Right. If I’m the savior, that means you’re the saved, and I am the powerful and new the powerless. And how can I possibly ask for help and say, I’m struggling and admit vulnerability if I am the savior with a cape around my neck, right, and so it kind of not only disempowers others, but it eventually completely exhausts us in what is essentially an utterly unachievable thing.
A Healing Presence – 15:35
Your job is to be a healing presence and so that’s like, at a physiological level, for us, it’s about having our nervous system while regulated, right? So that we can be that co-regulating presence, and to be constantly doing the work that clear out the letting go that we need to do so that we can be as compassionate and present as possible. So I absolutely believe that our presence can be a contributing or deterrent factor. And that holding that space is such an important thing.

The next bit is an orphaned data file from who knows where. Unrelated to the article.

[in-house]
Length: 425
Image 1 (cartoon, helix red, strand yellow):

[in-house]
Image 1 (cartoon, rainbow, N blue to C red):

A Renewed Mission – 17:20
And so I work with these incredible front liners to help them do the recovery from burnout and trauma that they need to do and to do that inner change that they need to do so that they can be that healing presence and that catalyst that they want and that our world needs.
3 Ways of Starting A Meaningful Cause – 20:48
So, you know, I discovered by accident that I was a powerful communicator, and that, I know, is one of my weapons of choice now. So what are your gifts? What are your talents? And then, for me, the second thing will be what are the causes that really get to, you know, here and in the heart, you know, because again, when we work on things that are meaningful to us, we find that energy from deep within.